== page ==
Article Features by David Guhin

The Santa Rosa Story: Housing Crisis to Housing Opportunity

David Guhin is assistant city manager and director of planning and economic development for the City of Santa Rosa and can be reached at dguhin@srcity.org.


An intense, unpredictable firestorm called the Tubbs Fire hit Sonoma County in the middle of the night on Oct. 8, 2017, and eventually reached the City of Santa Rosa (pop. 178,488), the fifth-largest city in the San Francisco Bay Area and the 26th largest city in the state. The catastrophic event completely destroyed over 3,000 homes — 5 percent of the city’s housing stock — and numerous businesses. With the fire came an onslaught of chaos, confusion and shock that would continue, morphing in unpredictable ways (much like the fire) for the next year.

As the primary response agency, local government is theoretically prepared and structured to react immediately and effectively to disasters, but reality shows that cities and counties generally lack adequate organizational systems to lead a prolonged recovery and rebuilding effort while simultaneously addressing the pressing ongoing needs of the jurisdiction.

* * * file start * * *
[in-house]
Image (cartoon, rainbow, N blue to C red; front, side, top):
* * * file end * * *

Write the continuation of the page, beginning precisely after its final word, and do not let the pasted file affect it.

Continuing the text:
Fire Exacerbates Existing Challenges and Creates New Ones

Even with the fire still burning, we began sorting through the myriad practical issues we were facing prior to the fire that would be seriously compounded afterward — including a preexisting housing shortage, the loss of an additional 3,000 homes and severely damaged infrastructure. Then add dealing with loss from an individual and systemic perspective — and the physical and psychological toll of long-term recovery for the entire community, including those of us in city government responsible for sustaining long-term rebuilding efforts.

From an organizational development standpoint, the particular challenges that Santa Rosa faced with the Tubbs Fire highlight the importance of socio-technical systems: the human systems (how city staff helped develop systems to support those who were affected) and the technical systems (the tools and processes developed to assist with the recovery).

Simple Principles Drive Rebuilding, Recovery Efforts

Staff involved in Santa Rosa’s rebuilding effort approached each challenge by using three key tenets:

  1. Get to “yes”;
  2. Try it. If it doesn’t work, fix it and try again; and
  3. Don’t lose focus on the human element.

Applying these principles enabled the relationship between government and community to become more humane, empathetic and responsive, which was critically important for the rebuilding and recovery that lay ahead.